The lower level includes an informal living room, a cocktail lounge, an exercise corner and a lower-level patio with access to the backyard. The master bedroom includes a window corner with a spare reading and lounge area to view the harbor on a rainy day. The furniture was provided to HGTV by Wayfair, an online home and furniture market. The sweepstakes grand prize also includes a brand new Honda, the home with all its furnishings and $250,000 from Quicken Loans.
“Last year a 29-year-old woman won the sweepstakes,” Flynn said. “Imagine being set for life at 29.”
The entire package is valued at $1.8 million. Kothe said the winner of the sweepstakes has the choice to take the property, car and $250,000, or they can choose to take a cash payoff of an undisclosed amount. If the winner chooses the money, HGTV sells the home.
The amount of free publicity the city of Gig Harbor will receive while being highlighted for the sweepstakes is remarkable. Karen Scott, the city’s Tourism and Communications director, believes the city’s work to paint itself as a welcoming and active community is part of the reason the national network chose Gig Harbor for its next destination point.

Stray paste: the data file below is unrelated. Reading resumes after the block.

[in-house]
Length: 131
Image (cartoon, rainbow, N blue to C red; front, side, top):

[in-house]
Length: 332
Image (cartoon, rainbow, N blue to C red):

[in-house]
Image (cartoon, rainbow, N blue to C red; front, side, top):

“We work really hard to welcome ourselves to tourists during the season,” Scott said. “Tourism is a huge benefit to the community.”
Scott said after HGTV chose to use Gig Harbor for its sweepstakes, she has been inundated with emails and press releases relating to Gig Harbor and the home, each with a snippet of information on the city.
“It’s on almost 4,000 websites,” Scott said. “It fell in our laps. Tourism is a cash-generating machine. And the residents are going to reap the benefits.”
Scott, who works with her staff out of the Skansie House on Harborview Drive, said during the season the historical home sees thousands of visitors. Scott works with Pierce County to attract tourists, which bring in both revenue through sales tax each year.
According to the 2016 Pierce County visitors spending report:
▪ Average annual visitors equal nearly 6 million each year in Pierce County.
▪ Visitor spending equals about $1 billion per year.
▪ The number of jobs created through tourism is about 11,000.
▪ The local taxes generated equals $40 million
▪ The state taxes generated equals $70 million
Kothe said besides receiving construction permits and filling out the usual paperwork, Scripps Network Interactive and HGTV don’t usually work directly with the cities where they build. Cities do not bid for a spot but are chosen by a team at the network.
“We had a few members of the network from the area who raved about Gig Harbor,” Kothe said.
Scott estimates more than 200 million people will be learning about Gig Harbor through the sweepstakes, which can bring a wave of new tourists and possible home buyers.
“We work hard to make this a welcoming place,” Scott said. “With events, festivals and more on a year-round basis. This is going to be exponential for us.”